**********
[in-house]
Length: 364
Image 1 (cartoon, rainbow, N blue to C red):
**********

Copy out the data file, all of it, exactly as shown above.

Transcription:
[in-house]
Length: 364
Image 1 (cartoon, rainbow, N blue to C red):